A recent study involving Québec youth suggests that gambling could be an intergenerational phenomenon. Capitalizing on the existence of a provincially-representative longitudinal cohort of over 2000 girls and boys followed since kindergarten, the researchers re-evaluated the subjects, now between 29 and 30 years of age.
Parental gambling is a factor influencing gambling behaviour.
The research aimed at identifying their gambling trajectories during three key developmental periods: mid-adolescence (15-16 years), early adulthood (22-23 years) and as they approach the age of thirty (29-30 years). The researchers also examined the gamblers' childhood antecedents, as well as the consequences of their gambling problems for their own families and children now that they are about to enter their thirties.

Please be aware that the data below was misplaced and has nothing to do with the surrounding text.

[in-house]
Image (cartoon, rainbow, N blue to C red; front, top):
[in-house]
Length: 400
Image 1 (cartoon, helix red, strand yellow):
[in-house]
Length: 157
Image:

The results of the study indicate that a sub-group of individuals, mostly men, experienced chronic gambling problems since adolescence, and that parental gambling was a factor influencing their gambling behaviour. The study also showed that the problem gamblers exhibited deficient parental attitudes, and that their children had more behaviour problems, which in fact was one of the factors associated with their own probability of experiencing gambling problems between the ages of 15 and 30.
Main researcher: René Carbonneau, Université de Montréal
Original title: Trajectoires de vie des joueurs québécois entre 16 et 30 ans : description, facteurs individuels, familiaux et sociaux associés et impact socioéconomique intergénérationnel